Good but nowhere near good enough

Last Thursday Facebook made an announcement about its plans for Messenger. In truth the substance of the announcement concerned great stuff I thought they were already doing, at least on their main Facebook platform, so discovering they were now going to do the same on Messenger was a little underwhelming.

But first, if you click on the link to the announcement you will see it is headed

“Preventing Unwanted Contacts and Scams in Messenger”. 

So we’re clear, this is not about the content of messages in Messenger, at least not insofar as it relates to known illegal images of child sex abuse, the sort that have previously been picked up by PhotoDNA.

Then we see these important words

“As we move to end-to-end encryption, we are investing in privacy-preserving tools….. to keep people safe without accessing message content.”

This bears out two things: it ain’t about content, illegal or otherwise, and they are going ahead with it.

Their mind is made up. They know exactly what they are doing and why they are doing it. The only Damascene moment they are likely to experience will have been the result of legislative action or the threat of it in a jurisdiction which is important to their business.

Don’t get me wrong.  As I suggested earlier, the measures they are proposing are welcome. However, even Alex Stamos, former Chief Security Officer for Facebook, could only bring himself to say it was a “good start”.  Maybe he is as underwhelmed as I am.

Analysing metadata

The software tools Facebook say they will be deploying in Messenger will analyse metadata to pick out dodgy patterns. Once detected, an alert will be triggered on the end user’s screen and maybe there will also be an intervention by the company itself.  But what these tools will not do is spot known illegal content being exchanged between users.

Facebook must find a way to convince us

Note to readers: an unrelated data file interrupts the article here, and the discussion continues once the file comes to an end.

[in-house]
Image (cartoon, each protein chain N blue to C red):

Facebook must find a way to convince independent and respected experts that its move to encrypt Messenger has not worsened the lives of children who have suffered the tragedy of being sexually abused while a camera was trained on them. If Facebook cannot do that I really don’t know where it is going to leave the company’s reputation. And I don’t mean just with people like me.

Finally, be aware, dear readers, some of the members of the Silicon Valley chapter of the Sons of Anarchy are working on ways to encrypt metadata. Can you see where this is going? Can you see the next pressure point?  When other messaging services announce they are encrypting users’ metadata, rendering it unreadable, how will Facebook react?

What this highlights and reminds us is Facebook is really a victim of its previous policy of transparency and US laws on reporting. To that extent it is “unfair” to single them out or pick on them. There is a larger and wider issue to be faced about how modern societies tackle the emergence of strong encryption.  And we need to be emphatic about that. It is a societal issue, not a technological one individuals or companies can decide for themselves.

If there has been a rise in the demand for encrypted services it has been caused by the previous bad behaviour of companies like, er, Facebook. Surveillance capitalism did not drop from the skies, but when it got here it was compounded by the bad behaviour of certain Governments, as Snowden reminds us. However, we cannot let the previous bad form of Governments and companies create an insoluble problem for the rest of us.

About John Carr

John Carr is one of the world's leading authorities on children's and young people's use of digital technologies. He is Senior Technical Adviser to Bangkok-based global NGO ECPAT International, Technical Adviser to the European NGO Alliance for Child Safety Online, which is administered by Save the Children Italy and an Advisory Council Member of Beyond Borders (Canada). Amongst other things John is or has been an Adviser to the United Nations, ITU, the European Union, the Council of Europe and European Union Agency for Network and Information Security and is a former Board Member of the UK Council for Child Internet Safety. He is Secretary of the UK's Children's Charities' Coalition on Internet Safety. John has advised many of the world's largest internet companies on online child safety. In June, 2012, John was appointed a Visiting Senior Fellow at the London School of Economics and Political Science. More: http://johncarrcv.blogspot.com
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